Take for instance the Own Occupation Rider. Not all Own Occupation Riders provide the same level of coverage. An Own Occupation Rider with a clause that stipulates that the insured may not be gainfully employed in an occupation other than their regular occupation may prohibit a claimant from working in any other capacity after a disability claim has been filed.
An “Own Occupation Rider” that allows for a claimant to be employed in an occupation other than their regular occupation would mean that the claimant would be entitled to work in something other than their own occupation and still qualify for disability benefits coverage.
Many insurance companies promise medical professionals that they will have coverage if they are unable to work in their own highly specialized area but when a disability claim is filed, the insurer denies the claim on the basis that the medical professional can still perform portions of the specialty and is therefore not disabled.
We have seen claims denied on the basis that the medical professional cannot perform surgery for example due to a medical condition such as Parkinson’s but they can perform managerial or office work. Since the medical professional indicated that managerial or office work formed a portion of their occupation pre-disability, the insurer claims that they are not disabled due to their ability to perform office or managerial work and denies the claim.
We have seen insurers neglect to assess claims for all the benefits that an insured may be entitled to. For example, the insurer might fail to pay the Retirement Protection Benefits or fail to increase benefits annually under the Cost of Living Increase provisions.
Insurers might also apply the terms and conditions of the policy incorrectly or have a claim paper reviewed by an internal medical consultant who fails to consider all relevant medical evidence or cherry-picks portions of the medical evidence resulting in a denial or termination of benefits.
Timing of Claims
Medical professionals are extremely hardworking and dedicated to helping others. As such, they often continue trying to work even though they are struggling to do so. This may be because they do not want to let their patients down or because they are determined to push through. Many Policies contain a proof of claim provision which requires the submission of a claim within a certain time period from when the disability arose. We have seen insurers deny claims on the basis of late filing, using the medical professionals’ dedication to their patients against them.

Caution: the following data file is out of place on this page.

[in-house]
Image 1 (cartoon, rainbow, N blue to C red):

The timing of a disability claim can also have implications on what income is used to calculate benefits. If your income continues to decline due to difficulties maintaining the same schedule, by the time you submit your claim, you may be dealing with a lower benefit amount than you initially contemplated. As long-term disability lawyers for professionals, we have developed strategies to combat the tactics used by insurers to diminish entitlements and deny claims.
Social Media and Surveillance
These are common tools used by insurance companies to terminate claims. The insurer might send you a questionnaire to complete or arrange for a field investigator to meet with you to collect information. The insurer may then search your social media accounts or conduct surveillance in order to find inconsistencies in your presentation that would support a denial of your claim often misconstruing innocuous postings or insignificant surveillance as justifying termination.
Our knowledge of the claims process, the approach to litigation taken by insurance companies and our extensive experience working with professionals, puts us in a unique position to identify strategies to combat denials and terminations.
If you are a medical professional and your claim has been denied for any reason or you wish to discuss submitting an application for disability benefits, you should discuss your long-term disability claim with an experienced lawyer. MK Disability Lawyers LLP are experienced lawyers dedicated exclusively to the practice of disability insurance. We have over 50 years of cumulative experience representing medical professionals. We would be happy to provide you with a free consultation. Please contact us online or by calling us at 844-697-4600.
The preceding is not intended to be legal advice. This blog is made available for educational purposes only as well as to give you general information and a general understanding of the law, not to provide specific legal advice. By using this blog, you understand that there is no solicitor-client relationship between you and the blog publisher. The blog should not be used as a substitute for competent legal advice from a licensed lawyer in your jurisdiction. If your disability claim has been denied and you require legal advice, contact a lawyer specializing in disability law for professionals.